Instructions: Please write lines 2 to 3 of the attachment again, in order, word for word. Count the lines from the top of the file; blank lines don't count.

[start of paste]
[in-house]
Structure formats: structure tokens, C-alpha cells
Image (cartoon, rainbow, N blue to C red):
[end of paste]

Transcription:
Structure formats: structure tokens, C-alpha cells
Image (cartoon, rainbow, N blue to C red):